Highly Active Antiretroviral Therapy Interruption: Predictors and Virological and Immunologic Consequences

Touloumi, Giota PhD*; Pantazis, Nikos Mr*; Antoniou, Anna*; Stirnadel, Heide A.†; Walker, Sarah A. PhD‡; Porter, Kholoud PhD‡; on behalf of the CASCADE Collaboration

JAIDS Journal of Acquired Immune Deficiency Syndromes:
doi: 10.1097/01.qai.0000230321.85911.db
Clinical Science

Objective: To characterize the magnitude and the predictors of highly active antiretroviral therapy (HAART) interruption (TI) and to investigate its immunologic and virological consequences.

Methods: Using Concerted Action on Seroconversion to AIDS and Death in Europe data from 8300 persons with well-documented seroconversion dates, we identified subjects with stable first HAART (for at least 90 days) not initiated during primary infection. A TI was defined as an interruption of all antiretroviral therapy drugs for at least 14 days.

Results: Of 1551 subjects starting HAART, 299 (19.3%) interrupted treatment. Median (interquartile range) duration of the TI was 189 (101-382) days. The cumulative probability (95% confidence interval) of TI at 2 years was 15.9% (14.0%-18.1%). Women were more likely to have a TI than men in the same exposure group (35.8% vs 24.2% among drug users, 22.1% vs 13.3% among heterosexuals; P < 0.05). Higher baseline viremia and poor immunologic response to HAART were associated with higher probabilities of TI. Median (interquartile range) individual CD4 cell loss during TI was 94 (1-220) cells/μL. Older age at HAART (>40 yr), lower pre-HAART nadir (<200 cells/μL), and lower CD4 at start of TI (<350 cells/μL) were significantly associated with greater relative CD4 loss during TI.

Conclusions: We estimate that almost 1 in 6 subjects on HAART interrupts treatment by 2 years. Further research is needed to investigate the reasons why TI is higher in women. We have identified characteristics of subjects with the greatest risk for CD4 loss in whom TI may have greater risks.

Author Information

From the *Athens University Medical School, Athens, Greece; †GlaxoSmithKline, Brentford, UK; and ‡MRC Clinical Trials Unit, London, UK.

Received for publication January 11, 2006; accepted May 23, 2006.

Concerted Action on Seroconversion to AIDS and Death in Europe is funded through a grant from the European Union (QLK2-2000-01431) and has received additional funding from GlaxoSmithKline.

Reprints: Kholoud Porter, MD, MRC Clinical Trials Unit, 222 Euston Road, London NW1 2DA, UK (e-mail: Kholoud.Porter@ctu.mrc.ac.uk).

Article Outline

Highly active antiretroviral therapy (HAART) has dramatically decreased HIV-1-associated mortality and morbidity in the Western world.1,2 The initial enthusiasm though has been dampened because it was realized that prolonged suppression of viral load does not eradicate HIV-1 infection3; in clinical cohorts, approximately 25% of patients initiating HAART either do not achieve viral suppression or lose it within 2 to 3 years.4-6 Besides, long-term administration of HAART is associated with poor adherence,7 an increased risk for developing drug resistance,8 and undesirable side effects.9 Because of these complications associated with the long-term use of HAART, an increasing number of subjects interrupt treatment.10,11

The initial recommendations suggesting treating HIV-1-infected subjects aggressively and at early stages12 have been updated toward a more conservative approach of delaying HAART initiation.13 As a result, a substantial number of subjects who initiated treatment according to the early recommendations, including subjects with CD4 cell count above 500 cells/μL, would not have started therapy under current recommendations. It is unclear whether these subjects should stop therapy until it is indicated by current guidelines.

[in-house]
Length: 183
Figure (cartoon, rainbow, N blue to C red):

In an effort to increase long-term adherence and maintain treatment success, several therapeutic strategies have been proposed, including structured treatment interruptions, in which subjects are on and off treatment for fixed, usually short, periods14,15 and CD4-guided treatment interruption (TI).16,17 Initial results from such studies on safety and benefits remain mixed. Nevertheless, unsupervised TI for the above reasons has become common in clinical practice.18-20 It is unclear though what effect TI has on the immunologic and virological profile during it and after reinitiation of antiretroviral therapy (ART). Results from several studies suggest that prolonged TI in patients with suppressed virus and marked immune reconstitution is generally safe.10,16,17,21 Results are less clear in other groups of subjects.22,23 Identification of factors affecting immunologic and virological changes during TI is of great clinical importance because it helps to classify subjects at high risk.

In this study, we take advantage of the Concerted Action on Seroconversion to AIDS and Death in Europe (CASCADE)24 large cohort collaboration to describe the incidence of TI in clinical practice, to investigate the predictors of a TI, and to assess immunologic and virological changes during TI as well as the determinants of these changes. The well-estimated seroconversion dates in CASCADE enabled us to investigate the effect of the pre-ART history on TI consequences, whereas the wide range of ages, mode of infections, and the representation of both sexes allowed us to study the effect of these demographic characteristics on the probability of TI and its consequences. Furthermore, for the analysis of the data, we applied methods that allow for competing risks and informative censoring due to treatment resumption, which are known to lead to biased results if ignored.

Back to Top | Article Outline